Eliyahu S. said...

Yes, profiling is the only effective way to handle security. In Israel, ElAl can use profiling to pre-screen travelers and then focus putdowns, etc., only on "suspicious" characters. The TSA, instead, targets everyone, and ends up accomplishing nothing. Yes, nothing, because they have "caught" many pocket knives, false teeth, and colostomy bags, but not once have they nabbed a real terrorist. Their checks didn't prevent a shoe bomber or an underwear bomber, but since then they have hassled everyone's shoes and underwear. They are always trying to recreate a defense against a threat they missed in the past, without being clever enough to proactively work against any future threat.

If we were lucky, they'd be abolished after their next screwup, but in fact no bureaucratic organization expires when its usefulness ends, so America has now saddled itself with an internal set of national police/thugs who will make people miserable for decades to come.

Batya said...

Eliyahu, you got it right.

Peter said...


Well I suppose you like "profiling" because the one who gets the body search and has to remove the head scarf is the arab woman, not you.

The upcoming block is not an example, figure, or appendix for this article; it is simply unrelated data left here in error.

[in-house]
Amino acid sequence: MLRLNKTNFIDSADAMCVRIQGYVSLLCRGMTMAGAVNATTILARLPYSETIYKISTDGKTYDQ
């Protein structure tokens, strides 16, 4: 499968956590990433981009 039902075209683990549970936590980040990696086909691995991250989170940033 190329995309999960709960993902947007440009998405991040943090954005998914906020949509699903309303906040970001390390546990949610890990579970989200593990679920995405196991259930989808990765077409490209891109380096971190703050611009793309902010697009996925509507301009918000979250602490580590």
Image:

If profiling meant that you get the body search & full search of your luggage, (say because you are jewish) but others (say non-jews) not, I think you would resent it. I think, after having followed your blog for some time, you would even ascribe it to antisemitism.

furthermore, I think it should be a prerequisite for security personnel that they learn to repack correctly what they unpacked. and the company should foot any damage done. elal does not do this, they do not even apologize.

Fortunately, I am not forced to go to Israel, so I just stay away from this flight company & israeli airports.

Peter said...


I do not feel the "profiling" is very targeted. I get the impression that it is "reverse antisemitism", disguised under questions that do not mention the word "jew". i.e. if they find you are jewish, they think you are harmless, if they find you are not jewish, they find you are a threat and will search you... Since they have to ask stupid questions without the word "jew" (so as not to seem discriminatory), they do not even get their labels right...

Peter said...

PS: I have many reservations against airport security as it is done today. But despite my reservations, I have to admit that there are far fewer plane bombings and hi-jackings today than there have been in the 70es when the security was not in place... and this despite a steep increase in air transport.

Hadassa said...

How many Jews - or anyone belonging to any faith other than Islam - have tried to blow up a plane, anywhere in the world? The seemingly stupid questions are so the security personnel can see if your talk fits your appearance, and also just to get a feel for who you are and whether or not you're anxious, hostile, nervous etc., which could indicate a security threat. If you're just worried about missing a connecting flight, they'll figure it out. Guards do it at checkpoints in Israel to every driver, and that includes Jews.

Peter said...

I am happy you are such a fan of israeli security procedures, it's better for you when you live there.